Sharing A Passion for Reading in Haiti
By – Pierre Balthazar, Co-Founder of Return 2 Haiti
This summer my wife Cindy and I will lead a volunteer group of people leaving for Haiti from Michigan in order to set up a reading room as a precursor to a lending library in Belle Anse, my hometown. I am thrilled about this idea. To me, nothing is more urgent than making books, magazines and other materials available for everyone to read
Reading has many advantages, mainly for the children. It develops a broader vocabulary, increases general knowledge, and offers a better understanding of other cultures and the world around us. It develops the child’s imagination through identification with the characters, the plot or situation, and gives them the chance to experience the story as if it has happened to him or her.
When I was growing up in Haiti, the closest lending library was located in the town of Jacmel, about thirty miles away from my home, this was and is about a 2-day journey if traveling by foot or by boat, the common ways to travel. As a youngster I attended a parochial school in Jacmel run by Catholic Brothers; it is there that I developed a passion for reading, which ultimately carried me to a college education and a career in teaching and counseling students in the United States. Today, I am driven to inspire a passion for reading with the less-fortunate in my hometown of Belle Anse and beyond.
In my opinion there are three reasons why the introduction of a library should be part of any educational reform in Haiti:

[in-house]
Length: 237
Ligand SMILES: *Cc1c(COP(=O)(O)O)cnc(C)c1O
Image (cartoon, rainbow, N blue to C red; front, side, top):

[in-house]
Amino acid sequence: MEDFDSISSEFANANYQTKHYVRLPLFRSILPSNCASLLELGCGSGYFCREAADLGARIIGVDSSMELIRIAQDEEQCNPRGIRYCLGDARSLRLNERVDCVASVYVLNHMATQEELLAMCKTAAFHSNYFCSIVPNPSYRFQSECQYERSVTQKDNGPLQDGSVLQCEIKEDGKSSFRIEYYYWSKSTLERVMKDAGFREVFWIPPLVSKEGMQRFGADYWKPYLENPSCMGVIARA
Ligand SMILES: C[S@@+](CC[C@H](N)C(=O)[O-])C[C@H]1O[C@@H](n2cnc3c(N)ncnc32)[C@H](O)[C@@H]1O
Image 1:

1. Illiteracy is rampant in Haiti
The literacy rate is estimated at 67% but this statistic is misleading. Due to the absence of reading material, especially in the countryside, it is doubtful any of the graduates from secondary school are able to read above the 3rd grade level.
2. The Haitian culture is at risk
“The pen is mightier than the sword.” Currently this adage is not true in Haiti because most of the communication is done orally. The folklore, the mores, and customs are transmitted orally. The problem with this is the younger generations continue to leave the country and do little to share these orally transmitted values and customs with the next generation. We cannot overlook that reading has a positive effect on writing. Writing about our world, our customs, and our values secures our traditions. Without reading and writing, I believe our indigenous traditions are at risk.
3. Access to the internet can be a game changer
We live in the age of the World Wide Web and around the world today’s libraries offer access to the internet even in economically and socially distressed countries like Haiti (although the challenges of connectivity are more complex in Haiti, especially in the more remote parts of the country, it is possible).
The internet can be a great learning tool, which requires the ability to read and understand what is read. With improved reading skills and access to the internet, universal education is no longer a distant dream. Remove illiteracy and improve the knowledge of Haitians, wherever they live, and real democracy and participation in the government can take root in Haiti.
It is my mission to open the first public library in my home region of Belle Anse in SE Haiti. I believe we can create a model that can be replicated throughout Haiti. This is what Return2Haiti is about, creating sustainable solutions which include the local residents in the process. And, in Belle Anse it is the local leaders who are insisting on a library which everyone can access.
I can’t think of a greater gift than the gift of knowledge. We can help Haitians give this gift to themselves. Will you help me make this dream a reality? You can contact me directly to share your ideas and resources at firstname.lastname@example.org or use this GoFundMe link, and feel free to share with friends.